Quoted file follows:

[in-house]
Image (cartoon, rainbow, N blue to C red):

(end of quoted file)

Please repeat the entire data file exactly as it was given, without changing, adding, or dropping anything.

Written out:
[in-house]
Image (cartoon, rainbow, N blue to C red):